When most people use the phrase “the search for meaning,” they’re talking about the Big Questions of life, like “Is there a God?” or “Is there a purpose to all of this?” or as comedian Steven Wright once mused, “How do you know when you’re out of invisible ink?”
When neuroscientists talk about “the search for meaning,” they’re wondering where the meanings of things – especially words – live in our brains. For example, if someone spoke to most of us the word “paard,” our ears would hear the sounds and pass them along to our brains. But there, unless we happened to speak Dutch, the sound would have no meaning to us. Have someone speak the word “horse,” on the other hand, and we’d know immediately what that word means.
Both words, as it turns out, mean the same thing, if you are bilingual in English and Dutch. But if you speak only one of the languages, only one of those words has any meaning for you; the other is just a sound. So where in the human brain is the meaning of words stored? This was the Big Question pondered by Joao Correia and his colleagues at Maastricht University in the Netherlands.
A first step towards machines that can read minds?
More specifically, Correia was seeking to answer the question, “How do we represent the meaning of words independent of the language we are listening to?” He wanted to go beyond the representation of the sounds of the words, and find the “hub” or area of activity in the brain that gives the words meaning when we hear them.
To do this, he enlisted the aid of eight volunteers bilingual in both Dutch and English and used functional magnetic resonance imaging (fMRI) to scan their brains as they listened to four one-syllable names of animals spoken in English: “bull,” “horse,” “shark,” and “duck.” Correia and his colleagues then monitored the patterns of activity they saw in the left anterior temporal cortex (an area of the brain known to be associated with language and semantic tasks) and created an algorithm that could identify which word each subject had heard, based on the pattern of the neural activity. This alone was a kind of “mind reading,” in that the algorithm allowed them to detect which animal name the subject had heard just from the fMRI scans, without hearing the word themselves.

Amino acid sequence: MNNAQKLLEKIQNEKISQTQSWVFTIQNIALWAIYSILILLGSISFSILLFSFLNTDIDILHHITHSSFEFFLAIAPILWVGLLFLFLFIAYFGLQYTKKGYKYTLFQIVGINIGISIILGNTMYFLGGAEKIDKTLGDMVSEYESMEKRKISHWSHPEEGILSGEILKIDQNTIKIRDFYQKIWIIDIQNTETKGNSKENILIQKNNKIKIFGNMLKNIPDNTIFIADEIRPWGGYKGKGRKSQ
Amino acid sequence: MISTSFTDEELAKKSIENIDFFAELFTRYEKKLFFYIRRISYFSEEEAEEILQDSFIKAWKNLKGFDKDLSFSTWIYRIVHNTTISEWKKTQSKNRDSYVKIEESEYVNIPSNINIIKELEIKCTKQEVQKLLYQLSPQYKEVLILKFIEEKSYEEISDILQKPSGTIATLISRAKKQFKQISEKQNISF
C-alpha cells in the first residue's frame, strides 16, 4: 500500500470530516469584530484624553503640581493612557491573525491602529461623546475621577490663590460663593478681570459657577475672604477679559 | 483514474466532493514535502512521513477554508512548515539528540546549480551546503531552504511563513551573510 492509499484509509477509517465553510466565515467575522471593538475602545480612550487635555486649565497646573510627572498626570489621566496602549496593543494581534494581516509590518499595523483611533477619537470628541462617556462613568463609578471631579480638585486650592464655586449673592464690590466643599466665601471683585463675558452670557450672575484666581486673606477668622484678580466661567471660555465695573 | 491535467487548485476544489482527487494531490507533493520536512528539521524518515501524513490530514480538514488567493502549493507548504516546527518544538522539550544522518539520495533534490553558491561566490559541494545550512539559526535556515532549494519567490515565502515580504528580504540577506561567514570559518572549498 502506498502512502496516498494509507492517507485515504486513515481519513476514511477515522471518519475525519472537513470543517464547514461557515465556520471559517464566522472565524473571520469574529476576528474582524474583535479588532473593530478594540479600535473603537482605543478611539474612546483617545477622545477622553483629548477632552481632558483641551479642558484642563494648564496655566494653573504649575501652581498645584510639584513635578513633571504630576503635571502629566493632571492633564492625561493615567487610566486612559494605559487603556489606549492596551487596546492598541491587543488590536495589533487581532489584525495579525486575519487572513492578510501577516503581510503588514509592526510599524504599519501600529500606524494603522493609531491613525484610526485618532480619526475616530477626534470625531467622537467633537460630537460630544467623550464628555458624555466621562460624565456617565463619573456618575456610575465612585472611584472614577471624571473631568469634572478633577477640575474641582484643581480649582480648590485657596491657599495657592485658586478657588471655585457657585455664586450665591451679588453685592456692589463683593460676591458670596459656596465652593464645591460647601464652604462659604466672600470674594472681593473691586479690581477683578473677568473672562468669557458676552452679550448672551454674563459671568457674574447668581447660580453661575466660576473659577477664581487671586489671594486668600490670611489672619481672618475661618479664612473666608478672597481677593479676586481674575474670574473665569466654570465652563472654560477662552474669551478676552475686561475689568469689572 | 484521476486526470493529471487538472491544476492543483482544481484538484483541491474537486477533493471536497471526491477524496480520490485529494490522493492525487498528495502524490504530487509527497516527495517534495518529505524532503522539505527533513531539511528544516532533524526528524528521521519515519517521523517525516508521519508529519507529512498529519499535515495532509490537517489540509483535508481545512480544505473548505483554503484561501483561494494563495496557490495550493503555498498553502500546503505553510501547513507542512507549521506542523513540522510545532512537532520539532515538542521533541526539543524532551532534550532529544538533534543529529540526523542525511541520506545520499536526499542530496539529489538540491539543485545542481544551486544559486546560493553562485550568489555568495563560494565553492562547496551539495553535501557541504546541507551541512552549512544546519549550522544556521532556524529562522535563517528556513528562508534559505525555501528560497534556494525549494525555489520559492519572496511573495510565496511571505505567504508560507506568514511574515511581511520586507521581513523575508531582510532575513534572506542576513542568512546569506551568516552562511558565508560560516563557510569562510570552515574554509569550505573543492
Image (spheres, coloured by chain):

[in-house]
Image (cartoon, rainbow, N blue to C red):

But they then went on to test whether these now-recognizable patterns of brain activity were related only to the sound of the words in English, or to the words’ meanings. So they repeated the experiment, this time speaking the same words to the participants, but in Dutch: “bul,” “paard,” “haai” and “eend.” The algorithm was still able to identify which animal’s name had been spoken. Despite the fact that the algorithm had been “trained” based on the patterns generated when hearing these words in English, hearing them in Dutch generated the same patterns, so the algorithm was able to detect them as well.
Zoe Woodhead, a reviewer of the study from University College London, says of it, “This type of pattern recognition approach is a very exciting scientific tool for investigating how and where knowledge is represented in the brain. Words that mean the same thing in different languages activate the same set of neurons encoding that concept, regardless of the fact that the two words look and sound completely different.”
In terms of “mind reading,” Correia predicts that as fMRI technology becomes more sophisticated, it may be possible to identify a much greater number of words – and even whole sentences – from a person’s brain activity alone. But it’s not likely that we’ll see true mind-reading machines anytime soon, because the patterns that Correia and his colleagues identified were unique to each subject. The meanings of these words were stored in the same area of the brain of each subject, but slightly differently. To build a machine that actually reads a person’s mind, given current technology, you’d have to scan their brains as they worked their way through an entire dictionary, just to generate a “meaning map” for that person.
But this research is potentially valuable in many other ways, because for the first time neuroscientists know where to look in the human brain for meaning. This may help doctors to identify signs of awareness in people with locked-in syndrome, to tell whether they are truly in a vegetative state or are internally conscious, just unable to respond. Being able to tell whether a person with brain damage is still capable of processing meaning may be the start of someday being able to reverse the damage itself.
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